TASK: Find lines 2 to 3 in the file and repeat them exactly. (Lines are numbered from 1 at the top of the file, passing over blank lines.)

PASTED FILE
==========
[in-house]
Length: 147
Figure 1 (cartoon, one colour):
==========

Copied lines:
Length: 147
Figure 1 (cartoon, one colour):